Give Samir Arora this much credit: The founder of Glam Media is an excellent salesman. Especially when pitching a gullible press corps. Folio is the latest to take the bait. The magazine swallows Arora's line that as an ad network, Glam deserves comparison to wholly-owned media properties. (Such as, I should mention, Jezebel.com, the women's site published by Gawker Media, the owner of Valleywag.) It's nonsense, of course. But when Deborah Fine, CEO of NBC Universal's iVillage, points this out, she's portrayed as a disgruntled rival, not a voice of reason. Too bad Folio didn't listen to her, or talk to stock analysts, or do anything, really, besides transcribe what Arora told the magazine. Brokering ads on thin margins is a rough business, and one in which Glam competes with Google, Microsoft, and Yahoo. And now, NBC.

Jordan Golson · 11/20/07 02:13PM

CafeMom, a social networking site for the maternal set, was the No. 1 destination for women in October, according to ComScore. CafeMom, with 90 million pageviews, beat out other female-centric sites such as BabyCenter, NBC's iVillage, Oprah.com and MarthaStewart.com. [Mashable]

And Madison Avenue created woman

Mary Jane Irwin · 11/14/07 12:32PM

There are women on the Internet. Did you know? Madison Avenue is just figuring this out, desperately looking for websites to stuff with female-targeted ad dollars. Lifetime, the cable network, just launched its own social network, mylifetime.com, with a lot of help from Glam Media's stable of female-centric blogs. Similarly, Warner Bros. announced entertainment and advice destination Mom Logic. Martha Stewart has launched Martha's Circle, an online ad network which represents other websites, and NBC Universal's iVIllage has struck a similar deal with Sugar Publishing. "It's kind of boring to say, but we really think content's king in this category," said Starcom's Jeff Marshall to AdAge. Boring, and false. The rule these days is sell the ads first, and find a place to put them later.

Web-cable hybrid Oxygen runs out of air

Owen Thomas · 10/09/07 03:19PM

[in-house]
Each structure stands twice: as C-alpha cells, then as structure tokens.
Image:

What took NBC so long? That's the only question that came to mind when I saw that Geraldine Laybourne, at long last, had sold her struggling women's cable-TV channel to NBC Universal for $925 million. The fact that I'm describing it as, yes, a "cable-TV channel" speaks to Oxygen's failure. Conceived in 2000 as a multimedia empire that would bridge the Web and TV, Oxygen failed to thrive in either medium. Backer Oprah Winfrey, Laybourne disclosed to Advertising Age, quietly backed out of the venture some time ago. For NBC, Oxygen is a natural add-on, a minor expansion of its cable lineup. As for Oxygen.com, it, too, is far smaller than NBC's iVillage, which NBC has struggled to integrate. Eventually, the Peacock may figure out how to merge its disparate networks — broadcast, cable, and Web, But if it was hoping to buy a recipe for doing so from Laybourne, NBC will just be cooking up disaster.

At iVillage, NBC makes all the same mistakes

Mary Jane Irwin · 08/14/07 11:40AM

NBC has relearned, at great cost, a valuable lesson. The Web is more than the Wild West. One doesn't profit by simply squatting on land; it actually has to be developed. Beth Comstock, NBC's president of integrated media, dazzled the Net with NBC's acquisition of women's health site iVillage. She boasted how the purchase gave NBC "scale and a profitable, established platform to expand [its] digital efforts." It would allow the company to connect "more deeply online, on mobile and on demand with key consumers throughout their various life stages." Now, Comstock admits she bet wrong, to the tune of $600 million.